Mushroom logs

all together
Ready to go

Despite S’s disapproval I have stolen the bottom part of three of my freshly felled alder trunks to try out my mushroom spawn kits.  These were a present from a sister and I am very keen to see how they do for me.  I have not tried growing mushrooms on wood logs before.  I once had a home buttom mushroom kit, which was fun, albeit not that productive.  I have also tried (and failed) before with growing oyster mushrooms on newspaper logs, but I’m hoping to have another go on newspaper with the rest of this spawn kit.  The kit came from Ann Millar albeit through a third party I think.

It is important that the logs used are freshly felled.  This is partly so that they have not been infected with other non-edible competing fungi, and partly so that the moisture content is high enough for the spawn to live and grow.  The instructions with the kit suggest not more than three weeks old, which seems a very short period of viability.  The logs are a little small in diameter, but I don’t think that should matter too much – they may not last as well as a bigger log.  They are supposed to be 10 – 15 cm, and I think mine taper down to less than this.   I suppose the biggest risk is thay may dry out.

The mushroom spawn comes on wooden dowels, they have now reached their best before date – but have been sitting in the fridge so should be good to go.  The process is simple:  Drill appropriate sized holes in the fresh logs, insert spawn infected dowels, wrap in plastic and leave in a dark place for 6 to 18 months till spawn permeates logs, initiate fruiting by moving to light damp location, pick mushrooms, rest and repeat.  Since I have three sorts of mushroom spawn, I have also labelled the three logs with a metal label tied round with string.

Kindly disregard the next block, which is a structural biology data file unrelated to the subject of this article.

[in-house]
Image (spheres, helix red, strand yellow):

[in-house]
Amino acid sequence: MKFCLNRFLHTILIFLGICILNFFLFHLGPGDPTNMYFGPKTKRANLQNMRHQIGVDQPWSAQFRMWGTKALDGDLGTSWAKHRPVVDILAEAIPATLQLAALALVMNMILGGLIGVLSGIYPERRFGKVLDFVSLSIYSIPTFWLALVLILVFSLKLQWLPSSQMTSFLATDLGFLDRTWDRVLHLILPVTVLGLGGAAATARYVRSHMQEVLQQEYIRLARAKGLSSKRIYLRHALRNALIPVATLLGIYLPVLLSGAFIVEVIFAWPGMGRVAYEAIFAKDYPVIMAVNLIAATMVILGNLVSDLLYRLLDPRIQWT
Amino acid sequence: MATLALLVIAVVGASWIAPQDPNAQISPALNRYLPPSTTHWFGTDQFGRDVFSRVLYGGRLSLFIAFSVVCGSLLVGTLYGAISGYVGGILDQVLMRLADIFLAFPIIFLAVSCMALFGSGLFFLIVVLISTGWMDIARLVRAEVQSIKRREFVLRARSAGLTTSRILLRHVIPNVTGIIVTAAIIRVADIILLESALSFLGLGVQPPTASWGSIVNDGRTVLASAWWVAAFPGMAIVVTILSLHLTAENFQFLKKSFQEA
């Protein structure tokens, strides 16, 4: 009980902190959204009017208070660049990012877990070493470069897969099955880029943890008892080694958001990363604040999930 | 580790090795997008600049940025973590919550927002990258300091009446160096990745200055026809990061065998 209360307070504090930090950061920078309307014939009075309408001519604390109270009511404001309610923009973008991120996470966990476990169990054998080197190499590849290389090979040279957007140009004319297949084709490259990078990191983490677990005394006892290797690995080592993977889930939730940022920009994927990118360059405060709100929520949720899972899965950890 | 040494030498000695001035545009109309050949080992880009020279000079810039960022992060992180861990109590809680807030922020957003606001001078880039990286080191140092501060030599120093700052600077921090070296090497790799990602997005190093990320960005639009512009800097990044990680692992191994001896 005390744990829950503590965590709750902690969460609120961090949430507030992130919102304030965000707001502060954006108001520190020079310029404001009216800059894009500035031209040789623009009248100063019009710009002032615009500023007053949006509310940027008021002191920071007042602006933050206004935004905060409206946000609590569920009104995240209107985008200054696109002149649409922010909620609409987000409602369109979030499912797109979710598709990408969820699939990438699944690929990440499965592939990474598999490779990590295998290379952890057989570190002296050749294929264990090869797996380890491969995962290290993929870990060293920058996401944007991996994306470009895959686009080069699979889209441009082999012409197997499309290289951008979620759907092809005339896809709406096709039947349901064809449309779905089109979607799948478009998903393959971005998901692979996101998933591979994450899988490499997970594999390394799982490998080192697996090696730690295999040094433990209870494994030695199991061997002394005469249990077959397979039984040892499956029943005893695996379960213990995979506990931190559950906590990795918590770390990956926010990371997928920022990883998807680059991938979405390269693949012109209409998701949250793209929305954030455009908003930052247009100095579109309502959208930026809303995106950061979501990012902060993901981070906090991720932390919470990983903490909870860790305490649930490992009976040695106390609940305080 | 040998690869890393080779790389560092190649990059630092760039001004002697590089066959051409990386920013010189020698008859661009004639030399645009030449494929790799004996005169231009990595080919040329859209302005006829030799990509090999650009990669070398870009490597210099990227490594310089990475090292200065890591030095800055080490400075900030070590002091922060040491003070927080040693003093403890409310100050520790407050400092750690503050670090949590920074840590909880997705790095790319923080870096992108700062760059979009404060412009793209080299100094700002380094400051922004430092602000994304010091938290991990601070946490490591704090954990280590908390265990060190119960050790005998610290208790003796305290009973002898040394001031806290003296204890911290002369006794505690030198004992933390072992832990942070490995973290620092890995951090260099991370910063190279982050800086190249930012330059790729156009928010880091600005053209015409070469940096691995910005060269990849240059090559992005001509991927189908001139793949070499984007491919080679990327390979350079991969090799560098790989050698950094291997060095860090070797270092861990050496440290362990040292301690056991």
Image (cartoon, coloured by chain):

all finished
All finished, ready to wrap

They have been placed in separate binliners (to save cross infection) under a bit of pond liner under a trailer.  They should be out of the way there for a bit.  I’ll check on them every now and then to see how they look.

tucked away
Not very exciting picture of exciting log hiding place.

8 thoughts on “Mushroom logs

    1. I don’t think that trailer has moved since it was parked there years ago, so at present I’m not worried. When the logs are ready to fruit they can be moved into the light so it won’t be a problem.

      Liked by 1 person

  1. Fascinating. I’ve grown oyster mushrooms and shiitakes from kits—they did pretty well.
    Growing mushrooms from spawn in freshly felled logs sounds more fun, though, and I hope you get some tasty mushrooms.

    Liked by 1 person

    1. I was a bit worried about that too, but I’m just following instructions! I think they need to be wrapped to stop them drying out. The alternative was to be buried in leaf litter, and I really haven’t got enough of that.


      1. Hmm .. I did a bit of reading, and it looks like keeping the logs moist & aerated is a bit challenging: “Mushrooms don’t need as much fresh air as we do, but they still need it. Without any air exchange carbon dioxide levels build up and your mushrooms will emerge as stunted, spindly things that are all stalks and no caps. Very disappointing.

        “Solution: Make sure your project has a flow of fresh air. Don’t place things in areas with no air exchange.

        “If you’re growing in a sealed environment, you may want to open it a few times a day for fresh air. Just be aware that when you introduce fresh air you also introduce the possibility of contaminants and lower humidity levels. It’s a delicate dance!”

        Liked by 2 people

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